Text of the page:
The resulting data -- when analyzed within the context of more traditional
aircraft, satellite and ground-based radar observations -- should provide
additional insight to hurricane modelers and forecasters who strive to improve
NASA Ames is responsible for assuring the airworthiness and flight safety
of the remotely piloted Aerosonde aircraft, and the overall operational readiness
and collaborative agreements for all of the participating aircraft, according
to Hipskind. Each Aerosonde weighs about 30 pounds (less than 15 kg) and
will fly between 500 feet and 1,500 feet (150 m - 450 m) in the hurricane¹s
winds to gather data and send it back to researchers. Should one of the tiny
uninhabited aircraft be sucked up to higher altitudes, controllers would send
a signal to destroy it to avoid a collision with another aircraft.
"Ames also has participating scientists," Hipskind said. "Paul Bui is the
principal investigator for the meteorological measurement system for the
DC-8 aircraft, and Lenny Pfister is the co-investigator on both Paul's experiment,
as well as a NASA Jet Propulsion Laboratory (Pasadena, CA) laser hygrometer
on the DC-8." A hygrometer is an instrument that measures humidity in the
Bui¹s experiment includes three major systems on the DC-8 airplane that
normally flies at a medium altitude between 20,000 ft. and 40,000 ft. ( 6,000
m - 12,000 m). The systems will measure air velocity to give scientists a
three-dimensional picture of wind directions. Bui also will provide extremely
accurate temperature measurements, critical to understanding details of hurricane
While remote sensing of the hurricane environment is the primary objective
of CAMEX-4, separate flights will study thunderstorm structure, precipitation
systems and atmospheric water vapor profiles. The objective of these flights
is to improve precipitation estimates from microwave instruments, particularly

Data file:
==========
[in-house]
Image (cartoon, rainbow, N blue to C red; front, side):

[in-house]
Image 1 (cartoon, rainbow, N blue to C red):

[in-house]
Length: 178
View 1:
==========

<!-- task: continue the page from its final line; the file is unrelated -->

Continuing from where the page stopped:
to validate NASA satellite measurements.
The NASA Earth Science Enterprise sponsors CAMEX-4. More CAMEX-4 information
is on the Internet at: http://www.hurricanes.nasa.gov
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Also, the NASA Ames Public Affairs Home Page at URL,
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Send comments to the Ames Communication Branch
Page Design by Jonas Dino
NASA Responsible Official: John Bluck
[Editor's note: Much of what NASA does is very beneficial to mankind,
however, I question why hurricanes are on the increase. I suspect that it
has something to do with global warming. When we get rid of global warming,
then I suspect that the amount and/or severity of hurricanes will decrease
causing less destruction of property and human life.
In terms of SETI, this is a destructive action by the Ames Research Center
and needs to be disbanded. Extraterrestrial life is peaceful, not warlike
as our elite and much of our military personnel are.]
For the simple reason that this research center is under the jurisdiction
of the War Department of the Shadow Government, we have to stop this. This
is just the same as commiting atrocities to human beings on the earth. There
is no difference.
Extraterrestrial life is just as precious as human life on the earth. If
these employees can't understand that then they need to be reconditioned because
we can learn from other people who come from other planets if we treat them
with dignity and respect. Any planetary traveler who arrives on earth has
come a long, long way. We need to welcome them not abuse them. They have
intelligence far beyond ours.